The Newsletter 84 Autumn 2019

The implications of a Ma'ruf Amin vice-presidency in Indonesia

Norshahril Saat

The Joko Widodo (Jokowi)-Ma’ruf Amin pairing beat their opponents Prabowo Subianto and Sandiaga Uno in the Indonesian presidential election in April this year. Observers were initially surprised by Jokowi’s choice for vice-president, who was known to be a conservative and controversial ulama (cleric). Given Ma’ruf’s track record of advocating for greater Islamisation, there were expectations that he would use the vice-presidency to pursue unfinished business in the Ulama Council of Indonesia (MUI), of which he was also Chairman. Such business would include the strengthening of the shariah economy and finance, as well as encouraging greater halal consumption and halal tourism. 

Ma’ruf is a member of Nahdlatul Ulama (NU), the largest organisation in Indonesia. Although he started off as a politician, he really made his name as the leader of MUI. In 2000, Ma’ruf headed the Fatwa committee in the MUI, a very influential post in determining religious opinions for the whole of Indonesia. After the toppling of the Gus Dur government in 2001, Ma’ruf became more active in MUI and, as a result, the organisation became a channel for his influence.

Although MUI fatwas are not legally binding, the committee nevertheless issued many controversial fatwas during the Susilo Bambang Yudhoyono (SBY) presidency (2004-2014).1 Majelis Ulama Indonesia. 2015. Himpunan Fatwa MUI Sejak 1975. Jakarta: Sekretariat Majelis Ulama Indonesia.  In 2005, the committee issued a fatwa called ‘SIPILIS’, a term coined to demonstrate its anti-secularism, anti-liberalism, and anti-pluralism position.2 The acronym was derived from 'syphilis'.  Ma’ruf as committee head signed off on the fatwa. The fatwa described the three labels loosely without explicating their complexities. For example, pluralism was described as the understanding that all religions are equal and no one religion can claim to be the only correct one. Liberalism was defined as the use of reason to describe the Quran and Sunnah. Secularism was described as the separation of worldly affairs from religious affairs. The fatwa neither offered examples to better govern Indonesia nor did it take a position on an Islamic state. Under Ma’ruf’s leadership MUI also reaffirmed its 1980 position on the Ahmadiyah sect not being part of Islam. This position was used by radicals to persecute Ahmadiyah followers. Similarly, MUI issued a fatwa questioning the legitimacy of Shias, and did not correct a fatwa from the East Java chapter of MUI that declared Shias deviant. Again, MUI’s problematic claim has allowed groups to harm followers of the sect in what is famously known as the Sampang Shia problem in East Java.3 Ibid. note 1, pp.95-101.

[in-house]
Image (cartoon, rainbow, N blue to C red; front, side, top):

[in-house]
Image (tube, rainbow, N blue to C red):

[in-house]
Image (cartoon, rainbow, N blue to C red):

As MUI leader, Ma’ruf lobbied legislators in the DPR (House of Representatives) to pressure the government to conform to his Islamic agenda. A 2012 interview with Ma’ruf indicated that MUI’s role was to give inputs to legislators and the government. He opined that the way Indonesians live and participate as citizens are guided by shariah. He also believed that MUI had a role in advising the constitutional court.4 Dr KH Ma’ruf Amin. 2012. ‘Ijtima’akan bahas isu penting kebangsaan dan kenegaraan’, Mimbar Ulama, Edisi Khusus Ijtima’Ulama, pp.70-72.  His influence extended beyond MUI. For example, he also served on the Wantimpres, or Advisory Council to President Susilo, stepping down in 2014 and taking up the chairmanship of NU and MUI the year after.

Ma’ruf made decisions that had profound political implications. The most prominent example was his role in the 2016 protests against then-Jakarta Governor Basuki Tjahaja Purnama (Ahok). In a campaign speech, Ahok observed that Muslims should not be deceived by religious leaders who had interpreted verse 51 of Al-Maidah. Ahok eventually lost the Jakarta gubernatorial elections in 2017 and was jailed for blasphemy. Ma’ruf served as a key witness in the court case testifying that Ahok had indeed committed blasphemy.